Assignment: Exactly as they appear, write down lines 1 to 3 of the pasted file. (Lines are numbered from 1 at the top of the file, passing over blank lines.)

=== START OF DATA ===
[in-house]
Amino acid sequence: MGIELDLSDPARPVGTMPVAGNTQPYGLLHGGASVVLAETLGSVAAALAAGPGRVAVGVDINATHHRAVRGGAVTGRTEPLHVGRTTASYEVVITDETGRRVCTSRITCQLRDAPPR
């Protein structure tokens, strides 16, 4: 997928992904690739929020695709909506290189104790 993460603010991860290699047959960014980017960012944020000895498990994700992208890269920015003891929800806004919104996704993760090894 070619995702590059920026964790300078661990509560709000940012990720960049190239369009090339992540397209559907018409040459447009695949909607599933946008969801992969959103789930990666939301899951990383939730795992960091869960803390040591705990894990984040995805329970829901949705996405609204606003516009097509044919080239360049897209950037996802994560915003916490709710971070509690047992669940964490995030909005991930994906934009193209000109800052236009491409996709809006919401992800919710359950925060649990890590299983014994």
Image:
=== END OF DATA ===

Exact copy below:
[in-house]
Amino acid sequence: MGIELDLSDPARPVGTMPVAGNTQPYGLLHGGASVVLAETLGSVAAALAAGPGRVAVGVDINATHHRAVRGGAVTGRTEPLHVGRTTASYEVVITDETGRRVCTSRITCQLRDAPPR
């Protein structure tokens, strides 16, 4: 997928992904690739929020695709909506290189104790 993460603010991860290699047959960014980017960012944020000895498990994700992208890269920015003891929800806004919104996704993760090894 070619995702590059920026964790300078661990509560709000940012990720960049190239369009090339992540397209559907018409040459447009695949909607599933946008969801992969959103789930990666939301899951990383939730795992960091869960803390040591705990894990984040995805329970829901949705996405609204606003516009097509044919080239360049897209950037996802994560915003916490709710971070509690047992669940964490995030909005991930994906934009193209000109800052236009491409996709809006919401992800919710359950925060649990890590299983014994």